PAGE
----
Lately, I've been pondering whether or not I should get a 4K television.
The ultra-high definition televisions are dropping in price lately, and it's difficult to see one of the display units at Best Buy playing a gorgeous game of soccer between Real Madrid and Barcelona and not immediately go, "I am going to buy that right now."
But thus far, I have resisted, mostly because of a lack in accessible 4K content. Netflix and others have some 4K content, but it is limited. And though I have extremely fast internet here in Las Vegas, I would blow right through my (high) bandwidth cap by streaming lots of 4K content at home. These are huge files, and they take a lot of bandwidth.
But now, things are changing. Samsung recently announced the world's first 4K Blu Ray player, and now Amazon is making it even easier to obtain 4K content at home. With the new Amazon Fire TV 4K, announced today, the online giant is delivering tons of new 4K content on demand to your home.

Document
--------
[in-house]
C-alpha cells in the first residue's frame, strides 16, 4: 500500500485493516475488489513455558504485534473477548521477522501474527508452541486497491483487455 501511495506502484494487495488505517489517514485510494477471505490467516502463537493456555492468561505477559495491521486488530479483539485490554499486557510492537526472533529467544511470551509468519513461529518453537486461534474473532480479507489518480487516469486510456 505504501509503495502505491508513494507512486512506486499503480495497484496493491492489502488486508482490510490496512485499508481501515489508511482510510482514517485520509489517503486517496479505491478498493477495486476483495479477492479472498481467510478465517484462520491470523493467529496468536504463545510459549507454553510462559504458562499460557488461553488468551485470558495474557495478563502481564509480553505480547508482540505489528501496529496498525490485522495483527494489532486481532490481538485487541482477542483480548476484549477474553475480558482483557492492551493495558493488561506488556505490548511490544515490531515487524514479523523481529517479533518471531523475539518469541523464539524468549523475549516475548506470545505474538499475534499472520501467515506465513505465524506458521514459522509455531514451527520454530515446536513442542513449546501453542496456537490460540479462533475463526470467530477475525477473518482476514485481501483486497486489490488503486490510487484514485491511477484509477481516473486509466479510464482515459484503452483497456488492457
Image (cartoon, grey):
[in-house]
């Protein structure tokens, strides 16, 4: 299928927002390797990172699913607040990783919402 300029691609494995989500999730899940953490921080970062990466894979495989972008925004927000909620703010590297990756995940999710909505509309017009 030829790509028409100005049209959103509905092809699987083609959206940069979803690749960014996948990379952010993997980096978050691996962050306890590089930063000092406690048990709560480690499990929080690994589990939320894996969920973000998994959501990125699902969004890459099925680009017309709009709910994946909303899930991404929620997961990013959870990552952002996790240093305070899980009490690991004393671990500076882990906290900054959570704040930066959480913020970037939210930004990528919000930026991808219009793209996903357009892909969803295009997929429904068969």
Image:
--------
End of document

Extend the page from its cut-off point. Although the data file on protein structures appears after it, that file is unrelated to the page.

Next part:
But the best part? The new Fire uses a brand new video codec that will deliver 4K content from Amazon's Prime streaming service using far less bandwidth, just like the MP3 format helped shrink audio file sizes in the 1990's. It's one of the more important developments in the history of 4K, and it is a big step towards making 4K more of a standard than it currently is.
The new Fire 4K also has a microSD slot so you can upgrade storage space as you see fit. And just like the new Siri-powered Apple TV, the new Fire 4K allows you to ask Amazon's Alexa to do all sorts of things: check the weather, create a music or video playlist and more.
The new Fire 4K releases on October 5, but they're already taking pre-orders if you want to drop $100 and get a head start.
What do you think?